For months now, men have been starving themselves in Guantanamo Bay to get the attention of the American people. And for weeks these men, prisoners of the War on Terror, many of whom have been cleared for release, have had the attention of the White House, which is filled with officials, including the President, who sympathize with the prisoners’ plight.
“It’s not sustainable,” President Obama said Tuesday, breaking his silence about the protest against his own government. “I mean, the notion that we’re going to continue to keep over 100 individuals in a no-man’s land in perpetuity.”
Obama repeated a position he has long held: The detention facility needs to be closed, with the prisoners either transferred to third countries if they do not present a threat or to the United States for adjudication. “This is a lingering, you know, problem that is not going to get better,” he said. “It’s going to get worse. It’s going to fester.”
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The detention center at Guantanamo Bay now operates with the dizzying logic of a Franz Kafka novel. By administration policy, no new prisoners arrive, 166 remain. Because of political disputes in Washington, no prisoners have been allowed to leave recently, even though 86 have been cleared for release. Congress has blocked their transfer to the United States, for trial or incarceration, and conditioned their release to third countries on a certification from the Secretary of Defense about the security of those transfers, which has not been forthcoming. In addition, the administration has a voluntary hold on any transfers to Yemen, the likely destination for more than 50 of the detainees destined for release.
In the meantime, Obama and the military have approved the force feeding of the prisoners who are refusing to eat, raising the objections of the American Medical Association, which has long argued that the force feeding of mentally competent prisoners is unethical. As of Tuesday, 100 are officially participating in the hunger strike, with 21 now being force-fed a nutritional supplement through tubes inserted in their noses, according to the New York Times. “I don’t want these individuals to die,” Obama said.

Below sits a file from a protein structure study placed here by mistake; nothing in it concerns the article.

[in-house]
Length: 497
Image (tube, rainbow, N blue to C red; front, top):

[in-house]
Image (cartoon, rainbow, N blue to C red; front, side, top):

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So what will happen next? Even before the press conference Tuesday, the National Security staff had begun considering options for changing the legal limbo status of Guantanamo. While the Supreme Court struck in 2008 that the prisoners have habeas corpus protection, the courts have increasingly rejected habeas petitions. Some of the inmates have now been held without trial for 11 years. “We’re going to examine every option that we have administratively to try to deal with this issue, but ultimately we’re also going to need some help from Congress,” Obama said.
In response to Obama’s announcement, the Republican chairman of the House Armed Services Committee Howard “Buck” McKeon said Obama needed to develop a comprehensive detainee policy before the base could be closed. “The president faces bipartisan opposition to closing Guantanamo Bay’s detention center because he has offered no alternative plan regarding the detainees there, nor a plan for future terrorist captures,” he said. Obama’s plan in 2009, which asked for $80 million to transfer the detainees to U.S. prisons, was rejected by the Senate 90 to 6. Last November the Senate voted 54 to 41 to prohibit the Department of Defense from transferring the detainees.
But the political calculus could begin to shift in the coming months, on the back of an unlikely alignment of voices concerning a most unusual detention facility. The President of the United States is siding with the prisoners starving themselves to protest his government.
With reporting by Alex Rogers